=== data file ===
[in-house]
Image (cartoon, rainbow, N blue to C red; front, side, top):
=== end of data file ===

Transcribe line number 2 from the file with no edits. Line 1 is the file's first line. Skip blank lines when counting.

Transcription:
Image (cartoon, rainbow, N blue to C red; front, side, top):